The PCM 24/48 5.1 mix on the Blu-ray is especially impressive, with another demo-quality, state-of-the-art mix typical of Pixar features, with remarkable soundfield, creative use of sound design and richness & fullness that too is demo quality.Both versions offer sound quality excellent in its Disney standard of Dolby Digital 5.1 and 2.0 Surrounds, though the Blu-ray Dolby Digital is a bit better than that of the DVD.  The instrumental soundtrack used for the film also truly comes alive with its 5.1 surrounds giving the scenes inspiring depth and sound texture aspects that many other films can not live up to.

 

The extras on both versions of this Pixar film are actually not to plentiful but offers fans a featurette comparing Brad Birdís vision of Ratatouille to that of a chef that inspired part of the film, a few deleted scenes with commentaries, and two amazing shorts.The shorts are the best part, with one entitled ĎYour Friend the Ratí that has never been seen before and chronicles why humans and rats were made for each other.The short is both funny and imaginative; just as with everything Pixar.

 

The Blu-ray adds exclusive extras that are more of what you would expect for such a high profile title including deleted scenes, Cine-Explore: The Ultimate Behind-The-Scenes Experience and Gusteauís Gourmet Game for some amusing fun trying to keep up with cooking orders.

 

As has been said, you look at examples of people like that and you understand what makes them great, commitment.Pixar is establishing a legacy here that can and will pass on to future generations.With passion and talent of this nature it is no surprise that the coupling of Disney with Pixar has only led to greatness.One of the ending lines of the film was truly inspiring to this reviewer personally and will probably in many ways make me think twice in the future.As stated by the character Anton Ego:

 

In many ways, the work of a critic is easy.We risk very little yet enjoy a position over those who offer up their work and their selves to our judgment.We thrive on negative criticism, which is fun to write and to read.But the bitter truth we critics must face is that, in the grand scheme of things, the average piece of junk is more meaningful than our criticism designating it so.But there are times when a critic truly risks something, and that is in the discovery and defense of the new.Last night, I experienced something new, an extraordinary meal from a singularly unexpected source.To say that both the meal and its maker have challenged my preconceptions is a gross understatement.They have rocked me to my core. In the past, I have made no secret of my disdain for Chef Gusteau's famous motto: Anyone can cook.But I realize that only now do I truly understand what he meant.Not everyone can become a great artist, but a great artist can come from anywhere.It is difficult to imagine more humble origins than those of the genius now cooking at Gusteau's, who is, in this critic's opinion, nothing less than the finest chef in France.I will be returning to Gusteau's soon, hungry for more.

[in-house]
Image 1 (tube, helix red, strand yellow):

In the end, my opinion of this film and many other films may be forgotten as quickly as they were read, but what will remain is this film.It might simply just be another animated feature, but this critic says and feels it is much more.Ratatouille is an inspiration to the film world that creativity is still around and that it thrives in the hearts and minds of those like the innovative souls at Disney/Pixar.One mouse changed the world in unimaginable ways before, maybe this time one rat can do the same.

 

 

-†† Michael P Dougherty II